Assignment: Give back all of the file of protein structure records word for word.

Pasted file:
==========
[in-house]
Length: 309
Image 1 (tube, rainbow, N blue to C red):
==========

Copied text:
[in-house]
Length: 309
Image 1 (tube, rainbow, N blue to C red):